Twitter’s San Francisco HQ
As tenants transition from hard-lined telephones to VOIP, abandon private offices for open areas and clamor for “brick and timber” creative spaces versus “view space”, demand for less traditional office space is on the rise.
Sure, it didn’t take a futurist to figure out that fax machines would soon be nothing more than an ancient office relic, but the cubicle? Along with the coffee maker and printing room, cubes are the last bastion of the traditional office, and according to workplace strategist Mary Lee Duff of Interior Architects, who recently completed the design of Twitter’s new San Francisco headquarters, demand for them is waning.
The traditional concept of the high panel Dilbert cubicle has definitely been diminishing. The drive today is for workplace settings to be more open and collaborative with a strong emphasis on flexibility. For some clients that means going into benching systems, for others it is simply lowering the panel walls and being able to offer greater control over how to reconfigure one’s own space.
Configurability of the office space is paramount to tenants’ desires; something cubicles do not intrinsically lend themselves to. Tenants are increasingly demanding fluidity and flexibility in almost a minimalist fashion. Big clunky cubes that cannot be reconfigured or moved without contracting a furniture installer are more frequently being replaced with workbenches (sometimes on wheels) and demountable partitions so as to encourage collaboration. Ms. Duff continues:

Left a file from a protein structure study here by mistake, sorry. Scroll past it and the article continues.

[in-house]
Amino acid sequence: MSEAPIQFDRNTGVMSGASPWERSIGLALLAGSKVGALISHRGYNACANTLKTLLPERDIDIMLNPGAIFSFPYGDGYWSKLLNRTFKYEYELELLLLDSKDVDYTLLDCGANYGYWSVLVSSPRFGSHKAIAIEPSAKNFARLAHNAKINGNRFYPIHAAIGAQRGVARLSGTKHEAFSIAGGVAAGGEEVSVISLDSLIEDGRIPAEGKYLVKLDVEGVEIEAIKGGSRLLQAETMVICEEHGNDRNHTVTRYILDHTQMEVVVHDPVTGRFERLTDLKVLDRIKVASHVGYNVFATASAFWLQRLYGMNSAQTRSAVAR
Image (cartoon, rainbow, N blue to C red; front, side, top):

With the rise of open collaborative planning there is a need to evaluate the right balance of both focused, contemplative spaces alongside the energetic buzz of open teaming areas. This is one of many challenges faced by design firms today in planning appropriate space that aligns workspace with the business, culture, and aspirations of each client.
But foregoing cubicles for more flexible furniture options do not come without their challenges. Furniture on wheels can easily accommodate a quick reconfiguration due to a change in headcount or department consolidation, but where is the power and data going to come from? Interior Architects overcame this hurdle during a recent assignment by utilizing a raised floor that could accommodate multiple power and data plan configurations in a myriad of locations.
External influences to workplace design such as globalization, increased demand for sustainability and a changing demographic are also altering the face of the modern office. With employees regularly engaging customers and colleagues around the globe in different timezones, video conferencing and work/life slicing is gaining popularity.
Age, gender and ethnic diversity is also affecting the way offices are being built out and configured. I know of at least one tenant that has a prayer room for their muslim employees, and a “wellness” or “mothers’ room” for new mothers is fast becoming the norm in newly-built offices.
Several other trends that appear to have sticking power are the “work anywhere” mentality, increased importance of having face-to-face meeting areas, highly configurable or “hackable” walls and partitions, small and agile workgroups, and increased transparency whereby an employee can do a 360° spin in their chair and literally see the entire office.